Tag Archives: NY Times

Are functional foods really healthy?

By Megan Kian

A recent NY Times article, “Food With Health Benefits, or So They Say” (May 14, 2011), questioned the role of functional foods in our increasingly health conscious society. What exactly are functional foods? They are foods that claim to have a health-promoting or disease-preventing property beyond the basic function of supplying nutrients. For example, yogurts that claim to help regulate your digestive system or cereals that claim to help support your child’s immunity are functional foods.

The issue with functional foods is the accuracy of the health claims. Although companies are legally allowed to make these health claims (as long as they are supported by some sort of scientific evidence), you still have to wonder how truthful they are. It seems that many of the declarations companies make are just advertising ploys to increase sales of these foods. The best way to shop for healthy food in the supermarket is to take these claims with a grain of salt, read the fine print on labels, and stick to what you know is good for you.

What do you think of functional foods?

Quinoa on Passover

Tonight starts the eight-day long Jewish holiday of Passover, during which one may not eat chametz — the collective name for leavened products containing wheat, barley, oats, rye, or spelt.

passover holiday

Last Passover I told you about matzo – the unleavened bread that Jews eat over the course of the holiday. Over the years, supermarket shelves have become stocked with more and more foods that are Kosher for Passover, including noodles and rolls (generally made out of potato flour). One item that was approved for Passover and has become popular over the past few years is quinoa.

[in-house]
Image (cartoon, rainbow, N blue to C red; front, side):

As quinoa has risen in popularity, rabbinical authorities realized that it is a Kosher for Passover grain — very exciting news for Jews who knew about quinoa and all it’s virtues. I for one was thrilled with this news — one more food that we can eat on Passover to avoid the monotony of matzo and potatoes.quinoa passover

I’ve mentioned quinoa before, but never really shared all of its benefits. Here are some facts about quinoa:

  • It’s an ancient grain (like einkorn), although it is actually a seed related to leafy greens like spinach and Swiss chard.
  • It’s the only grain that is a complete protein, meaning it contains all of the essential amino acids you need.
  • It’s high in fiber and a very good source of the minerals manganese, magnesium, and iron.
  • It’s gluten-free.

Interestingly, there was an article in today’s NY Times questioning whether quinoa is in fact Kosher for Passover. The reason for the debate? Some Rabbis say that some quinoa grown in Bolivia (where it originates) is harvested with wheat and corn (two forbidden foods on Passover) so there may be some particles mixed into the packaged quinoa. To me, this debate calls to mind a bigger issue: whether the quinoa is in fact gluten-free —
an important, potentially life-threatening concern for people with celiac disease or wheat and gluten allergies.